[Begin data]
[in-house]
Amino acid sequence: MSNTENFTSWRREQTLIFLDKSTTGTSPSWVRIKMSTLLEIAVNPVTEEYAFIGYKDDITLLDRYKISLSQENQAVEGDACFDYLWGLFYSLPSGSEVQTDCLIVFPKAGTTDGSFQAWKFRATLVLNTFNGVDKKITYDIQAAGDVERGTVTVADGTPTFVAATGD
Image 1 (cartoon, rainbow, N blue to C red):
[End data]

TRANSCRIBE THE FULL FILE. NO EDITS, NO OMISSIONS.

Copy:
[in-house]
Amino acid sequence: MSNTENFTSWRREQTLIFLDKSTTGTSPSWVRIKMSTLLEIAVNPVTEEYAFIGYKDDITLLDRYKISLSQENQAVEGDACFDYLWGLFYSLPSGSEVQTDCLIVFPKAGTTDGSFQAWKFRATLVLNTFNGVDKKITYDIQAAGDVERGTVTVADGTPTFVAATGD
Image 1 (cartoon, rainbow, N blue to C red):